And then you add the fact that now people cannot avoid it. They cannot help but watch football thinking maybe they shouldn’t be, ’cause it’s so dangerous. Whether it is or isn’t, if you condition your fan base to believe that what they’re watching is dangerous and therefore not good, they’re not gonna enjoy it. You’re always gonna have people that want to see the car wreck. But they don’t want to see the aftermath of it. And when you have people watching football who have as their primary focus the negatives they’ve been told about it, it’s impossible to get the ingredients necessary to be a fan back.

I’m just telling you. Standard, old-fashioned fandom is I don’t think possible in the NFL anymore. Not because of the way the game is portrayed, covered, characterized. Then you go to fantasy football, those people that don’t have team allegiance. They don’t care about individual teams. They draft players from every team, and they have their own team. Their running back may be from the Cardinals. Their quarterback may be from the Steelers. Their defensive unit may be from the Tampa Bay Buccaneers. So there’s no team allegiance among those people, but if there is no offense, if the players they’ve drafted are not scoring, it’s no fun.

So if you lose the fantasy football crowd, you’ve lost another element of the fan base that has been created with that unique way of becoming interested in the game. I always fall back to this position. And this is true of anything, not just football. Football used to be hard to find. Now, follow me on this. It was on every Sunday. But if you lived in an NFL city, every Sunday when that team was on the road, you had to watch that game. It was a league requirement.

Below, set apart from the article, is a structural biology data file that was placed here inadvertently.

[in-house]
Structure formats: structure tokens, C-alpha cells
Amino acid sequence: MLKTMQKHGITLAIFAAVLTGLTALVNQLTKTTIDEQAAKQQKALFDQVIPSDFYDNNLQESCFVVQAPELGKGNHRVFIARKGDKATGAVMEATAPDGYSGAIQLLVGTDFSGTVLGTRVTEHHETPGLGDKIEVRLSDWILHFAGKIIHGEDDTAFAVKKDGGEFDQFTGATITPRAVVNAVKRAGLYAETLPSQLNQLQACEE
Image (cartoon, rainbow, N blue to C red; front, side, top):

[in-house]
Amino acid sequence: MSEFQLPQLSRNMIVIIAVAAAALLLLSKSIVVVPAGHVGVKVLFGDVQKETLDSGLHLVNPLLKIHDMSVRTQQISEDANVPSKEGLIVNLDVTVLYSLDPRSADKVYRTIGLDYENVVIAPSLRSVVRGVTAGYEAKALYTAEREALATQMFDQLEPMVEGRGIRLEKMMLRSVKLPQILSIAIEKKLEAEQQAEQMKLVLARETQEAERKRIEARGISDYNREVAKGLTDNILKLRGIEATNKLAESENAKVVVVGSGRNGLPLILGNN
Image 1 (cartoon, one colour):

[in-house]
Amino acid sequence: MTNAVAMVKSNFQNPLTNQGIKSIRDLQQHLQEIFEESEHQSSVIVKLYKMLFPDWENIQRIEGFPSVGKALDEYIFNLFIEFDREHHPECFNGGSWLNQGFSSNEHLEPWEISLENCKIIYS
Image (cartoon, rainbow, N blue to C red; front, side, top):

When your NFL team was at home, your TV stations in the local market could not televise an out of market game when your team was at home because they wanted you at the stadium. And they figured — I’m going back 20 years now — they figured if another game from another market with a better game was on TV than the one in your town, you would watch it on TV.

So if you had an NFL team in your town, you maybe only got two games a Sunday. If your team was on the road, you’d get three. You’d get a 1 o’clock game or a noon game and then two games at 3 o’clock or 4. And depending on when your home team is playing on the road, you might get two one o’clock games and one late game. But the point is you did not get the best game of the week, by definition, unless your team was playing in it. And that meant it was special. That meant highlights were a big deal.

When you didn’t see — let’s say your team’s the Steelers, but you don’t live there. Well, you’re at the mercy of the networks and the league as to what Steelers games were televised into your market. And most of them would not be. So in order to see, you would have to wait for highlights or read your newspaper on the internet or whatever, but now whatever you want is whenever you want it, which is great, don’t misunderstand. But it takes away the specialness of it. You know, you look at Apple, they make and announce these new phones, but damn it you can’t have one.

You know this iPhone X? This is state-of-the-art, technologically way advanced. Without getting into detail, they announced this phone would go on sale, you could order it October 27th and deliveries would begin on November 3rd, ’cause they had two other new phones that went on sale last week and start delivering tomorrow, and they didn’t want those new phones to be cannibalized by the super-duper phone. So they announced the super-duper phone, but say “you can’t get this ’til November. You can’t get it ’til November.”